Injuries in the auto industry in general are commonplace. According to the Bureau of Labor Statistics, “Workers in the automobile and light duty motor vehicle manufacturing industry experience higher rates of injury and illness than do workers in most other industries.” These are all a result of the heat, fumes, noise and repetitive motion that are commonplace in the industry. In 2011, the incidence rate of injuries in automobile manufacturing was nearly 40 percent higher than the incidence rate of private industry as a whole.

Conditions in the auto parts plants, which supply Chrysler, General Motors, Ford and other automakers, are even worse, with many smaller companies dependent on back-breaking conditions because they cannot afford the massive outlay for state-of-the-art manufacturing equipment. These companies are under intense pressure from the Detroit automakers to cut costs and meet just in time delivery schedules.

This has gotten much worse since the restructuring of the auto industry by the Obama administration in 2009, which led to the destruction of tens of thousands of jobs, the shutdown of dozens of factories and the slashing of wages, particularly for new hires. Having cleared out the “overcapacity” problem, the factories are running at full tilt, scheduling workers for 10-12 hour shifts, eliminating break time and increasing the speed of the assembly line. If these are the conditions in the assembly plants, what workers in the auto parts industry face is much worse.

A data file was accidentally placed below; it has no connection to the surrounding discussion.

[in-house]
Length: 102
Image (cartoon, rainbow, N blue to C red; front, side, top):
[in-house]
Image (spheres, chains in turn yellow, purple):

The undermining of safety is also a result of the cuts to OSHA under the Obama administration. In 2011, the White House revealed plans to sharply cut regulations on corporations as part of general efforts to eliminate constraints on the profit margins of major companies. This has meant that the auto industry has operated with virtual impunity in imposing demands and unsafe conditions on its workers, particularly for the auto parts workers.

The United Auto Workers has played the decisive role in the abandonment of basic safety. Starting in the 1980s, the UAW isolated and betrayed a series of strikes by parts workers attempting to maintain the parity with the auto assembly workers. One of the most bitter experiences was the betrayal of the 450 members of UAW Local 14 at AP Parts in Toledo, Ohio in 1984-85, which exploded after the company slashed wages from $12 to $6 an hour. The months long strike only ended after the UAW imposed a concessions contract on the workers and lowered wages for new hires.

The betrayal of the strikes—which was done deliberately by the UAW in order to lower the costs of the Detroit automakers—led to an explosion of non-union auto parts plants throughout the US. The effect was that by 2000, auto parts workers earned 31 percent less than an assembly worker at a Big Three plant and that the conditions of work in the parts industry were reduced to sweatshop-like conditions.